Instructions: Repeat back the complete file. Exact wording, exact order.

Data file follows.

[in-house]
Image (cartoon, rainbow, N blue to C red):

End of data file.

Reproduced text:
[in-house]
Image (cartoon, rainbow, N blue to C red):